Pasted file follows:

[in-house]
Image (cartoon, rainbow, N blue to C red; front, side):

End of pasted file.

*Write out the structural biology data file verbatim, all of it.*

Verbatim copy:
[in-house]
Image (cartoon, rainbow, N blue to C red; front, side):